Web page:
A box cooker has a transparent glass or plastic top, and it may have additional reflectors to concentrate sunlight into the box. The top can usually be removed to allow dark pots containing food to be placed inside. One or more reflectors of shiny metal or foil-lined material may be positioned to bounce extra light into the interior of the oven chamber. Cooking containers and the inside bottom of the cooker should be dark-colored or black. Inside walls should be reflective to reduce radiative heat loss and bounce the light towards the pots and the dark bottom, which is in contact with the pots. The box should have insulated sides. Thermal insulation for the solar box cooker must be able to withstand temperatures up to 150 °C (300 °F) without melting or out-gassing. Crumpled newspaper, wool, rags, dry grass, sheets of cardboard, etc. can be used to insulate the walls of the cooker. Metal pots and/or bottom trays can be darkened either with flat-black spray paint (one that is non-toxic when warmed), black tempera paint, or soot from a fire. The solar box cooker typically reaches a temperature of 150 °C (300 °F). This is not as hot as a standard oven, but still hot enough to cook food over a somewhat longer period of time.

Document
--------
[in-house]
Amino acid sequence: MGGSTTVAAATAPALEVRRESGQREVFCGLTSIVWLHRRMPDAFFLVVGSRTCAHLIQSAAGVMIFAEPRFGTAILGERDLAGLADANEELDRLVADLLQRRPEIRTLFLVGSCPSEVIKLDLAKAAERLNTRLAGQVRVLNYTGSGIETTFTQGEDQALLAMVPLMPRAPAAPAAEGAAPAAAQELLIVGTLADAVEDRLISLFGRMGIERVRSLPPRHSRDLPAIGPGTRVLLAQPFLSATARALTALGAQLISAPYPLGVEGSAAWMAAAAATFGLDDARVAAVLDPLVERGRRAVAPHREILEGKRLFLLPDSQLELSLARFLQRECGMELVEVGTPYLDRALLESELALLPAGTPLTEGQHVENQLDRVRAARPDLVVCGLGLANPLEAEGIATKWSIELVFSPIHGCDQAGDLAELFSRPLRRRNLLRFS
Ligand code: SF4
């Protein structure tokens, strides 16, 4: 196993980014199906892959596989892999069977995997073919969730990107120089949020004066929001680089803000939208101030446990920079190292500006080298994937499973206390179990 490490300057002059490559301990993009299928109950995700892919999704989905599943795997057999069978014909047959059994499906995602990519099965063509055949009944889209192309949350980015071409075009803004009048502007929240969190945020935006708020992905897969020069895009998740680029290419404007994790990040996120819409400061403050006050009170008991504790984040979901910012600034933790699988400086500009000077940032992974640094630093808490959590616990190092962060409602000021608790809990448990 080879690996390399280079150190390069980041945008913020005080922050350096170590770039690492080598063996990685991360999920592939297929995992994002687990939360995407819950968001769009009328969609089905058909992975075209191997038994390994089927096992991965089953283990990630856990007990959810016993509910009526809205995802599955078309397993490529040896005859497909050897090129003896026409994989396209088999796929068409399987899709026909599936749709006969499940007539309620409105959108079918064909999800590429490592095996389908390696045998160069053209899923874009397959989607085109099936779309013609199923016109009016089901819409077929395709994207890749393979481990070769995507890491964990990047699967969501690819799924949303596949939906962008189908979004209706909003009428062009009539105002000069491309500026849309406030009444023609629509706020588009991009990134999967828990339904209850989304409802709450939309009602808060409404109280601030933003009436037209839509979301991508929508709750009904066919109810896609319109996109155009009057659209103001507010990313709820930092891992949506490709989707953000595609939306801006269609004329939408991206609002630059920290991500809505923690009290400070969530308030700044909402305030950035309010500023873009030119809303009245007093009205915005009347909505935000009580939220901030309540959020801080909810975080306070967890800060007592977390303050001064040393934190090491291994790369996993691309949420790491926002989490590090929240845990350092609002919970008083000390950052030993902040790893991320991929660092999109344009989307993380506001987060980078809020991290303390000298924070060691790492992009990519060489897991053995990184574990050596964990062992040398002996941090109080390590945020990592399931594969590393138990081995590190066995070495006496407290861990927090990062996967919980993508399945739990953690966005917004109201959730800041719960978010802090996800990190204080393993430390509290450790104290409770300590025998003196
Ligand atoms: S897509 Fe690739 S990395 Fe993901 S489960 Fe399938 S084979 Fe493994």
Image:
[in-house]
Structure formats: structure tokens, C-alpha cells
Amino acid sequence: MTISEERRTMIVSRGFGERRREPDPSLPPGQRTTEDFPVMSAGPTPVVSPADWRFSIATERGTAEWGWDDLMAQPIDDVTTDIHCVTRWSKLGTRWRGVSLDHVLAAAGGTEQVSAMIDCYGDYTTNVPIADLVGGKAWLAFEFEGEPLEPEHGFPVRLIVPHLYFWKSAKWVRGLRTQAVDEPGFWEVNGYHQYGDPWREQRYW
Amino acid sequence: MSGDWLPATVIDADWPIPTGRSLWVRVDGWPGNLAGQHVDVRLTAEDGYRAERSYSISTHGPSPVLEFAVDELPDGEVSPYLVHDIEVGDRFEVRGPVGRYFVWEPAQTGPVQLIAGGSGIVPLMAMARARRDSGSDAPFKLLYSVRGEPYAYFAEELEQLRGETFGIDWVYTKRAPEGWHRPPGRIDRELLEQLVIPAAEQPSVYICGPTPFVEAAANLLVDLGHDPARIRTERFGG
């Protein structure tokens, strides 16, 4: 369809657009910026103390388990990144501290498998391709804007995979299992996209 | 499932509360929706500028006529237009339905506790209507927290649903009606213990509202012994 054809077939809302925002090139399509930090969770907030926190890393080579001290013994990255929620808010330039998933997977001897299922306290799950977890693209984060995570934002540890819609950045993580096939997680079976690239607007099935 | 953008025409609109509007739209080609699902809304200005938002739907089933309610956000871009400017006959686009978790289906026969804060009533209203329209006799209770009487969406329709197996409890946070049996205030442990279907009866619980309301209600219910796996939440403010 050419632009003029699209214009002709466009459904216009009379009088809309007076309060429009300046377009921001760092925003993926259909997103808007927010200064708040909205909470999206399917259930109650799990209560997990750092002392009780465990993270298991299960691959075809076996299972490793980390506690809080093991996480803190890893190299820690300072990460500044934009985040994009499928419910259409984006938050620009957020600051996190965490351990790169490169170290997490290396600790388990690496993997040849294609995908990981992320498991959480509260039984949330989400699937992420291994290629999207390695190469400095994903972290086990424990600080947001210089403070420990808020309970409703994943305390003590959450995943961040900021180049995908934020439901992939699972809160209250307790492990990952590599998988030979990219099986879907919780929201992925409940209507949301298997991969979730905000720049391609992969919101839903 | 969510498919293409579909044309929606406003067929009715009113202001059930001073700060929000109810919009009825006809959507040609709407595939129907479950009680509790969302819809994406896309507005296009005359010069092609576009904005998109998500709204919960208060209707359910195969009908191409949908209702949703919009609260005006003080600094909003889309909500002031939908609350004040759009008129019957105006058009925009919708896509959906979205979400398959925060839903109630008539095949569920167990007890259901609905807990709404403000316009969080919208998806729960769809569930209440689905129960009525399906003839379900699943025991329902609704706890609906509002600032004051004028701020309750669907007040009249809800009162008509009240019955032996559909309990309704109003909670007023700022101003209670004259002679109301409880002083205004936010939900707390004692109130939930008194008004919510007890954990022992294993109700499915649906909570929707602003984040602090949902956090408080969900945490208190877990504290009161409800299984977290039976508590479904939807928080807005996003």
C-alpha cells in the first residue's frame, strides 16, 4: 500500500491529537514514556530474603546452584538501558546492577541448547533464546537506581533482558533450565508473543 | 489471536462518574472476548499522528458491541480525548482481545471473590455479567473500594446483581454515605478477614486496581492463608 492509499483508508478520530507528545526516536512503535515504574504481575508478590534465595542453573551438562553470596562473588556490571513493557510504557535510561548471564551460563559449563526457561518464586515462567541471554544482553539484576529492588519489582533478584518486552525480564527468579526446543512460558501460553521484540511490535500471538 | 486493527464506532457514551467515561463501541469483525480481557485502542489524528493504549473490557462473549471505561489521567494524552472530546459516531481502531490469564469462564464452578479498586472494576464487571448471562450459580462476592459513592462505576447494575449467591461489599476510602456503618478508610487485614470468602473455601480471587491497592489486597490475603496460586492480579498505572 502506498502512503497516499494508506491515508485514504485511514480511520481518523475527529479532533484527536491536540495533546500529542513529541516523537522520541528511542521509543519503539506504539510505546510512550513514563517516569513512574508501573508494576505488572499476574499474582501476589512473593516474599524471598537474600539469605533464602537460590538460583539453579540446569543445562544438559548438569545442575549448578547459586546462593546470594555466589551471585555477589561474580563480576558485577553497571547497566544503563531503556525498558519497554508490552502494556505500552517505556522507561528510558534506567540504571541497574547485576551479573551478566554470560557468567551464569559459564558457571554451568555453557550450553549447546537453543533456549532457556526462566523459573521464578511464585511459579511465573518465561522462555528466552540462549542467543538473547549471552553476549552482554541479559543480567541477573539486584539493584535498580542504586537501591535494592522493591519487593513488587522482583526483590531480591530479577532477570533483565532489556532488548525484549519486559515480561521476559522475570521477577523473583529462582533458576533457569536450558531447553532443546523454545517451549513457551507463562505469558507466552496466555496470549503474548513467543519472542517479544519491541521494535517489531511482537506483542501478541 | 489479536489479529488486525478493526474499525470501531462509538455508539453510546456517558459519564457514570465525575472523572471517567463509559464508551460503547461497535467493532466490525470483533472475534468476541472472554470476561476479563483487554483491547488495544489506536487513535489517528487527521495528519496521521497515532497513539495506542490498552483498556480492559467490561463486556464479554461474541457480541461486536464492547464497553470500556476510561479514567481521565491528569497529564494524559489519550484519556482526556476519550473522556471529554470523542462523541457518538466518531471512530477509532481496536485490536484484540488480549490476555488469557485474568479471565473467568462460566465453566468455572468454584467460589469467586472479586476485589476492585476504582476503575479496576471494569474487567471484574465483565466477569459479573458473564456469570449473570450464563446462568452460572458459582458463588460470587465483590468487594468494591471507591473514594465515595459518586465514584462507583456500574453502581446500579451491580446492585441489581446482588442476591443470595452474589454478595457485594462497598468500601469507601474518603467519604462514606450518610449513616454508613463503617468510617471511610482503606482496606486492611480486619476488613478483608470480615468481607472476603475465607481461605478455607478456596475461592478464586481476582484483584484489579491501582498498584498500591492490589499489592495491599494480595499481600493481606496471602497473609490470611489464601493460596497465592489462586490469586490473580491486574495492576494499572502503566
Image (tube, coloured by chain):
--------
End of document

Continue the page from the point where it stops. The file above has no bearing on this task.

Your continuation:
A Solar Oven made of cardboard, newspapers, and reflective tape
Panel solar cookers are inexpensive solar cookers that use reflective panels to direct sunlight to a cooking pot that is enclosed in a clear plastic bag.
Solar Parabolic Solar Cooker
Temperature and Wind Presser
16 Sq.m. aperture area.
Solar grade glass mirrors with protective layers
Of coating on back surface.
90% min. With life 15 to 20yr.
With positive locking or sticking by good Quality adhesives. Due to protection of mirror coating to be taken while fixing the mirrors and high winds of region.
0.4mm anodized aluminum sheets.
Wind speed up to 150km/hrs.
Tracking accuracy : +/- 0.5 degree .
(to be ensured using inclinometer).